“Catholics committed to the common good reject the assumption by President Obama [that] only labor and progressive groups primarily care about controversial provisions of the Trans-Pacific Partnership,” argued Stephen Seufert, the state director of Keystone Catholics, in an April 28 column for The Huffington Post that cited statements of the Holy See on the issue.
Pope Francis and Capitalism
While Pope Francis has not actually taken a position on the TPP, his sharp comments about capitalism and free markets may give the impression that he would oppose it, if asked. His stance has also frustrated some U.S. Catholics, who contend that a Latin-American Church leader doesn’t understand the American economy and should reduce his comments to an articulation of the principles that have guided Catholic social teaching.
Last year, Cardinal Timothy Dolan of New York sought to moderate the public image of Pope Francis as a sharp-tongued critic of U.S-style capitalism.
“The spread of the free market has undoubtedly led to a tremendous increase in overall wealth and well-being around the world,” wrote Cardinal Dolan in a 2014 column for The Wall Street Journal.
“Yet Pope Francis is certainly correct that ‘an important part of humanity does not share in the benefits of progress.’ ... It is in this context that the Holy Father’s earlier criticism of ‘trickle-down economics’ can be properly understood.”
Cardinal Dolan also suggested that the American experience of free-market capitalism was not widely practiced or understood in many parts of the world, and so the Pope rightly took aim at “capitalist” practices that might be better defined as an “exploitative racket for the benefit of the few powerful and wealthy.”
Asked to comment on the Holy See’s evolving position on trade issues since the pontificate of Pope St. John Paul II, Samuel Gregg, the legal director for the Acton Institute, a free-market research center, told the Register, “At the level of principle, I see no substantive change.”
That said, Gregg suggested that Pope Francis “seems less optimistic about the economic benefits of free trade, though he has said that economic globalization has taken many people out of poverty. That is a simple empirical fact which is very hard to deny.”
Overall, Gregg views the Church as “cautiously optimistic” about free trade “since the1990s, partly because free trade is rooted in the principle of free association, which doesn’t somehow stop at national boundaries, and partly, because, on balance, it gets people out of poverty.”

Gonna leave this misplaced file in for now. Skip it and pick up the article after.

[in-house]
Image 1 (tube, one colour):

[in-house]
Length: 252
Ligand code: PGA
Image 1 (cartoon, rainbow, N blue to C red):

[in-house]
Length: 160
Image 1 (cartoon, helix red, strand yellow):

Church’s ‘Constructive Criticism’
Martha Cruz Zuniga, the director the economics programs at The Catholic University of America, agreed that the Church “has been open to the discussion of the benefits of free trade. But it has also shed some light on the potential consequences of these agreements.”
“As an economist and Catholic, I would describe the Church’s role as ‘constructive criticism,’” Cruz told the Register. “We need to be reminded of our call to use these [economic] tools to help people improve their standard of living, to promote human dignity.”
She noted that Archbishop Tomasi’s criticism of intellectual property-rights protections that may bar the introduction of generic versions of medicines marks a simmering debate among economists working on development issues.
There must be protections for intellectual property rights to maintain incentives for research and investment in innovation, including new medicines, she noted.
But the reality on the ground in developing countries “is more complex.” When medicines are priced too high, they are out of reach for many patients.
“Economists have not come up with an answer” to this conundrum, Cruz noted.
Still, she welcomed the Holy See’s critique as a necessary part of the discussion. And she noted that Pope Benedict, in Caritas in Veritate, had called for a holistic response to such problems that promoted “integral human development.”
Waiting Eco Encyclical’s Impact
Economic populists in the Democratic Party likely take a different view of the Vatican’s position, and some will look for Pope Francis to tie the debate over free trade to related concerns about the impact of such agreements on the environment and climate change.
Pope Francis’ long-awaited encyclical on the environment may well influence the ongoing debate on Capital Hill, and he could also raise the issue when he delivers a speech before Congress or the U.N.’s General Assembly during his September visit.
“The climate change debate does have some implications for globalization and free trade, insofar as developing nations are concerned that various efforts to address climate change will impede their ability to grow their way out of poverty,” said Gregg.
For now, though, he doubts that “Pope Francis’ forthcoming encyclical will get into the micro details of that particular discussion, because the magisterium has no special competence to speak authoritatively in that area.”
But overall, it might be useful to recall Pope Francis’ statement in a Jan. 11 interview with the Italian journal La Stampa: “When money, instead of man, is at the center of the system, when money becomes an idol, men and women are reduced to simple instruments of a social and economic system.”
Joan Frawley Desmond is the Register’s senior editor.